Section: Opinion

Sherrod Brown’s populism shows 2020 path

On Jan. 30, Ohio Senator Sherrod Brown spoke to a crowd of around 300 people in Brunswick, Ohio to kick-start his “Dignity of Work” listening tour. This tour will take him to Iowa, New Hampshire, South Carolina and Nevada. In his speech, Brown continued the fight from his 2018 reelection campaign to reclaim the mantle of “populism” from President Donald Trump. He criticized Trump for peddling what he calls “phony populism” that “distract[s] from the fact that he won the White House to enrich billionaires like himself.”

Brown’s embrace of the populist label — he won reelection convincingly this year while every other Ohio Democrat for statewide office lost — provides the Democratic Party with a strategy for taking on Trump in 2020. By portraying Trump as a “phony populist” rather than condemning populism writ large (as the liberal and “Never Trump” conservative commentariat love to do), Brown exposes Trump for the fraud he is while still acknowledging the legitimate economic grievances of his supporters.

This distinction will be key in the 2020 presidential election cycle. While spirited senate and gubernatorial campaigns by Democrats in Arizona, Texas and Georgia suggest those states may swing Democratic in the future, they cannot yet be counted on for electoral votes in 2020. No matter who they are, the Democratic nominee will have to fight to win back Trump voters in the Rust Belt states of  Pennsylvania, Michigan, Wisconsin and Ohio.

But does this mean that Democrats will have to sacrifice their stances on issues like abortion, marriage equality, gun control and transgender rights to win back the heartland? Brown’s record suggests the answer is no. Since winning a seat in the Ohio legislature at age 22, Brown has kept a consistent liberal record on many issues. This includes voting against the Iraq War, supporting the repeal of “Don’t Ask, Don’t Tell” and advocating stricter gun control.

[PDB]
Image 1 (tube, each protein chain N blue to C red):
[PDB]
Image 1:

Brown can hold liberal positions on social issues because he is also has been a diehard defender of workers’ rights. He is well-known for opposing the North American and Central American Free Trade Agreements (which Trump ran successfully against in the Rust Belt). He is also a sharp critic of the banking and finance industries.

Brown’s motto for his 2018 campaign and his current listening tour, “Dignity of Work,” distills the broad appeal of working-class populism. In Brown’s words, the “Dignity of Work” means “we fight for all people, whether they punch a clock or swipe a badge, earn a salary or make tips, whether they are raising children or caring for an aging parent. And as we celebrate the dignity of work, we unify.”

The vast majority of people understand firsthand that the economy is not working fairly and that the billionaires at the top are making out like bandits while, according to CNBC, 40 percent of adults can’t cover a $400 expense. Uniting people around such a shared understanding has great political potential for a Democratic Party looking to unify its unruly big tent.

Running a campaign focused on forging a working-class coalition would not only put Democrats in the best position to beat Trump in 2020, but it would also build a movement that will hold the party accountable for passing the broad-based progressive solutions which polls show most voters support. This would strengthen the Democratic Party and differentiate Brown from Barack Obama and his 2008 presidential run. While millions of people were inspired by his charismatic call of “Hope and Change,” Obama let that enthusiasm fizzle out and give way to naive notions of post-partisan governance that were never realistic.

With the Republican Party under Trump practicing the politics of division and hate as a masquerade to advance the interests of the American oligarchy, Brown’s possible campaign (along with other self-proclaimed populists like Senators Bernie Sanders and Elizabeth Warren) can help the Democratic Party become the champion for the rest of us.

Nick Becker ’22 is an undeclared major from Pittsburgh, Penn. You can contact him at becker1@kenyon.edu.

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